It is well known that glass can be toughened by a tempering process whereby it is heated and then rapidly cooled to induce a state of compressive stress in its surface. The advantages of such toughened glass are that it is less susceptible to cracking, less likely to break and, when it does break, it shatters to form many small fragments rather than larger, more dangerous, shards. Fully tempered glass typically has a surface stress of greater than 65-69 MPa although the term "Heat Strengthened Glass" is sometimes used to describe glass having a surface stress of between 40 and 55 MPa.
 "Semi-toughened" glass having a surface stress of 20-25 MPa may be produced by furnace heating followed by suitable controlled cooling. Such glass is a common choice of material for laminated door glazings.
 (Toughening may also be achieved by a chemical process of ion exchange whereby smaller ions in the surface region of the glass are replaced with larger ions, forcing the surface of the glass into a state of compression).
 Laminated glass typically offers an alternative approach to improving the safety of glazing material. Two, or more, layers of glass are bonded together by an interlayer of polymer material such as polyvinyl butyral (PVB). When the glass is broken, the PVB keeps the glass fragments together, thus reducing the risk of injury to personnel.
 A process whereby reliable soldered connections may be made on thin glazing material, particularly laminated glazings, with minimal change to existing manufacturing processes would represent a significant advance in the art.
 The use of so-called obscuration bands in vehicle glazings is common practice. Typically, an area around the periphery of the glazing is rendered opaque by printing a coating of a dark ceramic ink. In a laminated glazing, comprising an outer (nearest the outside of the vehicle) layer of glass, an inner layer of glass and a polymer interlayer disposed therebetween, the obscuration band is typically printed on the inner surface of the outer layer of glass and/or the Inner surface of the inner layer of glass.
 One benefit of the obscuration band is that various ancillaries on the glazing such as printed busbars, connectors etc. can be located in this area and remain invisible from the outside of the vehicle. This provides for a more aesthetically pleasing effect.
 Shaped glazings, for example vehicle windscreens, are normally formed by one of two approaches.
 In the first, so called sag bending approach, a glass sheet is supported at its periphery and heated until it softens sufficiently to sag under its own weight to the desired shape. Control is achieved via the distribution of temperatures across the glass.
 In an alternative approach to shaping of glazings, the technique of press bending is employed.
 Typically, by this method the glazing sheets are subjected to controlled heating in a furnace to a temperature at which the glass is deformable. The heated glass is then conveyed from the furnace to a bending station where it is pressed between male and female dies which cooperate to form the sheet in the desired shape.
 One or both of the dies may include additional heating means such as electrical resistive heating elements.
 The shape of the pressed sheet must be maintained during subsequent cooling.
 EP0677491 discloses a method of press bending. This publication also discloses differential heating across the glass, for example by use of resistive heaters incorporated in one of the dies. These may be controlled as one or as a number of separate groups giving rise to zones of different temperature in the sheet.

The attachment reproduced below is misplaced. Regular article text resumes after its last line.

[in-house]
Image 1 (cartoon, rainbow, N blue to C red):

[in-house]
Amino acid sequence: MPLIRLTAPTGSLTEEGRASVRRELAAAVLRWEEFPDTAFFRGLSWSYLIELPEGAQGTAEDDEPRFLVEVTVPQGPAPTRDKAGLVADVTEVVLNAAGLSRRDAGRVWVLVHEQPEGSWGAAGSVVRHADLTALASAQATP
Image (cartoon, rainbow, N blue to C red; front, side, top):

Press bending offers a high precision technique which lends itself well to the matching inner and outer plies of glass in a laminated glazing.
 According to the invention, a method of forming a soldered connection to a first electrical conductor formed on a glass substrate, said substrate having a thickness of less than 2.1 mm, comprises the steps set out in claim 1 attached hereto.
 In preferred embodiments, the surface stress of the substrate is less than 25 Mpa, more preferably less than 20 MPa, even more preferably less than 15 MPa.
 Most preferably, the surface stress is greater than 12 MPa.
 In a preferred embodiment, the method further comprises the steps of:
 heating the glass sheet in a furnace to a temperature sufficient to facilitate bending;
 conveying the sheet from the furnace to a press bending station;
 shaping the sheet by pressing it between opposed complementary shaping surfaces provided on upper and lower press members;
 inducing the surface stress in the glass sheet by quenching the surfaces of the glass.
 Surface stress may be increased locally, In a region where soldering is to be done, by differential heating of the glass sheet prior to subsequent cooling. Such differential heating may be achieved using a plurality of heating elements incorporated in one of the press members. Alternatively, stresses may be increased locally by more rapid cooling (quenching) of the region, relative to the rest of the sheet.
 In a preferred embodiment, an opaque coating is applied to a region of the glass sheet, the coating including a gap where the surface of the glass is exposed. Printing of the electrical conductor is done in said gap.
 Preferably, the soldered connection is formed on a glass sheet having a thickness of less than or equal to 1.6 mm, more preferably less than or equal to 1 mm.
 According to a second aspect of the invention, a glazing comprises the features set out in claim 13 attached hereto.
 Preferably, the glazing further comprises an opaque coating on a region of said first glass sheet, said coating including a gap where the surface of the glass sheet is exposed and where said first electrical conductor is printed.
 The glazing might include a second glass sheet and a polymer interlayer disposed between the first and second glass sheets.
 Preferably, the first glass sheet has a surface stress of less than 25 MPa, more preferably less than 20 Mpa, even more preferably less than 15 MPa.
 Most preferably, the first glass sheet has a surface stress of greater than 12 MPa.